Companies Must Review Compliance Policies Following New Sanctions of Russian Financial Institutions and Individuals

In response to Russia’s anticipated and then executed invasion of Ukraine, last week the U.S. Department of Treasury ("Treasury") announced two new rounds of economic sanctions against Russian-connected financial institutions and individuals.

On February 22, 2022, the Treasury announced sanctions against two major Russian state-owned financial institutions and certain individuals. These sanctions were issued in response to Russia’s recognition of two Ukrainian regions as independent states. These initial measures prohibited U.S. individuals and businesses from doing business with and froze the assets of two Russian financial institutions with ties to the Kremlin and Russian military. They also instituted full blocking sanctions on five individuals related to the Kremlin and these financial institutions.

Following the Russian invasion of Ukraine, on February 24, 2022, the Treasury announced significantly more expansive sanctions against the top ten Russian financial institutions. The Treasury’s Office of Foreign Assets Control (“OFAC”) targeted nearly 80 percent of all banking assets in Russia. This includes Russia’s two largest financial institutions – Sberbank and VTB Bank. These sanctions also prohibit certain transactions and dealings between Russian state-owned enterprises and U.S. persons and target the assets of more Kremlin-connected individuals. The U.S. has coordinated in this effort with global partners taking similar actions.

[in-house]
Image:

OFAC’s enforcement of these new sanctions is expected to be aggressive. It is important to review your company’s existing compliance policies and practices to ensure alignment with these new restrictions, and make sure that your business is not unintentionally facilitating any activities prohibited by these new sanction regimes.

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